Immigrant rights groups applauded a federal judge's ruling on Friday that struck down President Donald Trump's proposal to put even more barriers in front of immigrants by labeling them "burdens" to the U.S. government.
U.S. District Judge George Daniels issued a preliminary injunction on Trump's "public charge" rule, which would have allowed immigration caseworkers to deny visas or green cards to undocumented immigrants if they are seen as likely to use government assistance such as SNAP benefits.
The proposed rule, previously set to go into effect on October 15, "is simply a new agency policy of exclusion in search of a justification," Daniels wrote in his ruling.
"It is repugnant to the American dream of the opportunity for prosperity and success through hard work and upward mobility," the judge added.
Make the Road New York was among the advocacy groups which, along with several states and cities, filed nearly a dozen lawsuits challenging the rule after it was introduced last year.
The group hailed Daniels's decision as "a major defeat for the Trump administration's unlawful tactic to impose a racist wealth test on our immigration system."
"People should be able to access vital and life-saving benefits without having to worry if they could remain with their families," co-executive director Javier Valdes said in a statement.
“Today’s decision marks a major defeat for the Trump administration’s unlawful tactic to impose a racist wealth test on our immigration system.“ 1/3 pic.twitter.com/ZpoJ3RPPm9
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— Make the Road NY (@MaketheRoadNY) October 11, 2019
The federal government has labeled certain undocumented immigrants as "public charges" for more than a century; in the 1990s, the Clinton administration enforced a rule allowing the label to be applied only to immigrants who would use cash benefits.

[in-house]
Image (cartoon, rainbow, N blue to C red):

Trump proposed extending the rule to people who may need Medicaid, SNAP benefits, public housing assistance, or other benefits. As Common Dreams and other outlets reported last year, providers of the Special Supplemental Nutrition Program for Women, Infants, and Children (WIC) reported that the president's proposal led to fewer applications for benefits, as families likely feared being targeted by Trump's anti-immigration agenda.
"The big concern for all of us in the WIC community is that this program is really about growing healthy babies," Rev. Douglas Greenaway, president and CEO of the National WIC Association, told Politico at the time.
Some advocates pointed out Friday that Daniels's ruling came just ahead of another federal court decision on Friday barring Trump from enacting his anti-immigration policies.
A U.S. District Court in El Paso, Texas ruled that Trump violated the law when he declared a national emergency in order to build a border wall separating the U.S. from Mexico.
"Good news," the legal services non-profit RAICES tweeted. "The Trump administration has suffered two HUGE loses today in its campaign to dramatically overhaul the nation's immigration system."